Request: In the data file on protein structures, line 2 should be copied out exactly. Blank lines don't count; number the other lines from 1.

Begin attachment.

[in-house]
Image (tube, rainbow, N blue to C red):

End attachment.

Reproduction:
Image (tube, rainbow, N blue to C red):